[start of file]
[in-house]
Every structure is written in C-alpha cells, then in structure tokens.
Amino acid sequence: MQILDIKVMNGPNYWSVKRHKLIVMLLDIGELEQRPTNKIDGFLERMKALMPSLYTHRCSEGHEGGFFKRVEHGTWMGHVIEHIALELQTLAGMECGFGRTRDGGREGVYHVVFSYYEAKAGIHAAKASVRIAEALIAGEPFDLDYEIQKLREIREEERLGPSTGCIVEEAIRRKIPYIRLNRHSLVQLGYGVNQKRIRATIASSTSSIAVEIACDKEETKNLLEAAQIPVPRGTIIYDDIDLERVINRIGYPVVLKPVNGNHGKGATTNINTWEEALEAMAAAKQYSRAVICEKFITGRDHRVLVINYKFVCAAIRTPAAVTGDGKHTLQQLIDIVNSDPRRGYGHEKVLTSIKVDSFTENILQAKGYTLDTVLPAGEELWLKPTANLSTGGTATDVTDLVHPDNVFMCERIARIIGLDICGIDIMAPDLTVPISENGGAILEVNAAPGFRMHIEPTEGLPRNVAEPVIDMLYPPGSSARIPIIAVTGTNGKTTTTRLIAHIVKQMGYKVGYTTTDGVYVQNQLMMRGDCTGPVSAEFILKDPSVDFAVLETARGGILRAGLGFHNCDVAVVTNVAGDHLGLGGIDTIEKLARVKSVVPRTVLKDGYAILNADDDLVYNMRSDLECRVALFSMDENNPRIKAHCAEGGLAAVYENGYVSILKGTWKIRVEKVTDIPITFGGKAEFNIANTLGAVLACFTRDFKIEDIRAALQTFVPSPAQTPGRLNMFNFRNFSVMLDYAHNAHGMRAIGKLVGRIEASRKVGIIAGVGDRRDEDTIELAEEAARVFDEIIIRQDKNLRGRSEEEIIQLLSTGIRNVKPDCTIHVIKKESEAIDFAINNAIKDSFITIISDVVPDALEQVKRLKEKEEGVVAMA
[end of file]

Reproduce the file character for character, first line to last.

[in-house]
Every structure is written in C-alpha cells, then in structure tokens.
Amino acid sequence: MQILDIKVMNGPNYWSVKRHKLIVMLLDIGELEQRPTNKIDGFLERMKALMPSLYTHRCSEGHEGGFFKRVEHGTWMGHVIEHIALELQTLAGMECGFGRTRDGGREGVYHVVFSYYEAKAGIHAAKASVRIAEALIAGEPFDLDYEIQKLREIREEERLGPSTGCIVEEAIRRKIPYIRLNRHSLVQLGYGVNQKRIRATIASSTSSIAVEIACDKEETKNLLEAAQIPVPRGTIIYDDIDLERVINRIGYPVVLKPVNGNHGKGATTNINTWEEALEAMAAAKQYSRAVICEKFITGRDHRVLVINYKFVCAAIRTPAAVTGDGKHTLQQLIDIVNSDPRRGYGHEKVLTSIKVDSFTENILQAKGYTLDTVLPAGEELWLKPTANLSTGGTATDVTDLVHPDNVFMCERIARIIGLDICGIDIMAPDLTVPISENGGAILEVNAAPGFRMHIEPTEGLPRNVAEPVIDMLYPPGSSARIPIIAVTGTNGKTTTTRLIAHIVKQMGYKVGYTTTDGVYVQNQLMMRGDCTGPVSAEFILKDPSVDFAVLETARGGILRAGLGFHNCDVAVVTNVAGDHLGLGGIDTIEKLARVKSVVPRTVLKDGYAILNADDDLVYNMRSDLECRVALFSMDENNPRIKAHCAEGGLAAVYENGYVSILKGTWKIRVEKVTDIPITFGGKAEFNIANTLGAVLACFTRDFKIEDIRAALQTFVPSPAQTPGRLNMFNFRNFSVMLDYAHNAHGMRAIGKLVGRIEASRKVGIIAGVGDRRDEDTIELAEEAARVFDEIIIRQDKNLRGRSEEEIIQLLSTGIRNVKPDCTIHVIKKESEAIDFAINNAIKDSFITIISDVVPDALEQVKRLKEKEEGVVAMA